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Fierce Love.

POMO AFRO HOMOS

For months, Brian Freeman tried to get a black, gay show produced in San Francisco. A local gay theater turned him down, as did an African-American theater. Finally, Josie's Cabaret opened, and put on the first production by the Pomo Afro Homos. Freeman, a former member of the San Francisco Mime Troupe, put together twelve sketches about black gay life with Djola Bernard Branner and Eric Gupton, and delivered the first performance of Fierce Love to a sold-out audience. Since then, the group has toured the United States and Europe, and made a guest appearance on National Public Radio's Morning Edition.

Much of the Pomos' work deals with the relative invisibility of gay, black men. One skit is a spoof of the television show Living Color, and its stereotypical portrait of black gay life. "In a way it's good to see those images out there at all. On the other hand, my roommate was assaulted and fag-bashed by a group of men shouting, |hated it' -- the line from the Living Color skit," says Freeman. "In mainstream culture, we've gone from zero images of black, gay men to three -- but they're all the same. It's the flaming snap queen."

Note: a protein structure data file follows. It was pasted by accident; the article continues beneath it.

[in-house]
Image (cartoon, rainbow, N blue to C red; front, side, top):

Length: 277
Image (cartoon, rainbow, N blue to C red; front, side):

On their tour, the Pomos have caused considerable controversy, most notably in Alaska, where the Anchorage city council attempted to ban advertisements for Fierce Love from city buses. "We appealed to the mayor, and the mayor said the space is only for |family oriented' material. I said, |That word! No, no -- we need to take this to court.' The mayor, who is this evangelical Christian, fought it all the way, and we won." When the Pomos showed up in Anchorage, they were greeted by a large cheering crowd. "The other day I got an editorial in the mail, talking about the controversy. The Archbishop got involved, and the debate is still raging in the city council. We had no idea we'd have such an impact."
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Title Annotation:Josie's Cabaret, San Francisco, California
Publication:The Progressive
Article Type:Theater Review
Date:May 1, 1993
Words:326
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